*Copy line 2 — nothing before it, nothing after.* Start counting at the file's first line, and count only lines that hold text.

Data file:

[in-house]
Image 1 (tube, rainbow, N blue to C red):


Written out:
Image 1 (tube, rainbow, N blue to C red):